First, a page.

Thanks for the clarification on the question above, and this site is really good! (Just found it today).

      • Clayton MacKnight August 3, 2020, 3:23 am

        多読 is translated as “extensive reading”, and basically means you read a lot of material that is just a little difficult. Essentially you are looking for material where you don’t know about 2 or 3 words per page. This helps you build new vocabulary but also build up a ‘feel’ for the vocabulary that you already ‘know’ because you see it in many different contexts over time. This is better than just memorizing the English definition of a word since it will help you use the word more naturally and quickly.

        精読 is translated as “intensive reading” and basically means that you choose material that is quite difficult and where you need to look up about 2 or 3 words per paragraph or more. This is what was traditionally used to learn new vocabulary since it seemed much more efficient because you are learning so many new words per page. However, recent studies seem to suggest that although you might learn more words, you might not be able to use them all that well since you have such a limited number of contexts (maybe just 1).

        These days 多読, extensive reading, is more popular among language teachers for general language learning, but there is still a use for intensive reading. Anyway, you should Google extensive reading or intensive reading for more information since there are a variety of opinions on the matter.

  • Jeremy July 14, 2019, 7:45 pm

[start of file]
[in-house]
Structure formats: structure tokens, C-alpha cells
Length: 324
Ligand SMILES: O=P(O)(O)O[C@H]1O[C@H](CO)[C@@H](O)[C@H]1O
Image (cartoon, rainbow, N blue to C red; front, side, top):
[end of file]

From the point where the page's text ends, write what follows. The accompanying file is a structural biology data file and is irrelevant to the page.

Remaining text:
Just wanted to say I’ve started reading the Japanese translations for Harry Potter, and I must recommend them for the N3/N2 levels. It’s written at about a 5th-grade reading level: Beyond childish or learner-oriented language, but very conversational and not “thick” or “difficult” to get through. Lots of examples of every day sentences and how to use common words, and there is furigana on the middle school kanji, but NOT the elementary school kanji, to help in quick-recognition of all the N2 kanji, without slowing you down on the more advanced stuff–qnd also helping build up reading speed. A very good learning tool, and you can even supplement it with the audiobooks–I highly recommend the “Harry Potter” method!

    • Clayton MacKnight July 24, 2019, 1:01 pm

      Yeah, I found them quite useful. They have a lot of descriptive vocabulary, so they are great for conversational Japanese, especially if say, you want to tell a story to someone (duh!). Maybe not the best for JLPT prep, but fun none the less.

  • Aung Myat Ko February 28, 2022, 12:56 pm


    Thanks for the explanation. Currently, I’m starting to self study N2. I’d like to know if So-Matome textbooks and ShinKanzen textbooks are enough for study material. In my country, I also see Speed Master textbooks. Do I also need to buy Speed Master textbooks or are So-Matome and ShinKanzen enough for study material?
    Thanks in advence

    • Clayton MacKnight March 8, 2022, 11:08 am

      I think it all depends on you. So-Matome and ShinKanzen are probably enough for most people as long as you also study native Japanese as well.